Juneteenth marks the day when federal troops arrived in Galveston, Texas, to take control of the state and ensure that the last of the African Americans who were still enslaved by the Confederacy were freed. This took place on June 19, 1865, two years after the Emancipation Proclamation.
Short for “June nineteenth,” Juneteenth became a federal holiday in in 2021. Starting this year, it will be a recognized holiday by the California State University, and Cal Poly Pomona will be closed on Monday, June 19.
The day offers an opportunity for joy, celebration and community through food, music and sharing stories, according to Presidential Associate for Inclusion and Chief Diversity Officer Cindy Pickett.
“Juneteenth is a celebration of the resilience of Black Americans and a commemoration of their fight to be recognized as citizens,” she said.
Juneteenth is also a time for reflection. “The impact of slavery is still being felt,” Pickett said. “We still live in a world where racial inequality and anti-Black racism limit opportunities for Black Americans. We need to continue identify and eradicate those barriers.”
The Black Thriving Initiative (BTI) aims to address inequities and anti-Blackness as existential threats to the mission of Cal Poly Pomona, and to create the conditions in which all community members — including Black students, faculty and staff — can heal and thrive. The co-chairs of the initiative are Jonathan Grady, senior associate vice president and dean of students, and Teshia Roby, associate vice president of learning and research, as well as Cindy Pickett. In the upcoming year, BTI will offer programming that all members of the campus can take part in.
Last June, Cal Poly Pomona hosted a hybrid event on campus and Zoom, which inspired action and a commitment to change. The CSU also hosted an inaugural biennial symposium, which you can watch online. The next one will take place in 2024 at Sacramento State.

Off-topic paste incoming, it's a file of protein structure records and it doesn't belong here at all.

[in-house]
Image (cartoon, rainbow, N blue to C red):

Here’s a list of ways to honor the day and what it stands for:
- Attend the Pomona Valley Juneteenth Jazz and Arts Festival on Saturday, June 17 from 10 a.m. to 6:30 p.m. at Ganesha Park. Sponsored by the Juneteenth Education Technology Mobile Arts Center, the free event will feature live music, poetry, food and more.
- Participate in “Understanding and Confronting Anti-Black Racism,” an online workshop that is part of the Racial Equity Leadership Alliance, a CSU program led by the USC Race and Equity Center. The two-hour session will take place on June 20 at 10 a.m. It will be led by Frank Harris, a professor of postsecondary education and co-director of the Community College Equity Assessment Lab at San Diego State University. Register online.
- Read the 2023-24 Common Read, “The Sum of Us: What Racism Costs Everyone and How We Can Prosper Together,” by Heather McGhee. Take part in the forthcoming campus book club and events.
- Check out the University Library Ethnic and Women’s Studies Juneteenth Resource Guide and Book List.
- Reflect on what role you might play in contributing to an upward trend. As Senior Associate Vice President and Dean of Students Jonathan Grady stated at last year’s event, “I have the utmost confidence that our brilliance, innovation, commitment to care and magic as a university will pave the way for a better and more just tomorrow. Ask yourself what you will do to commit to the change.”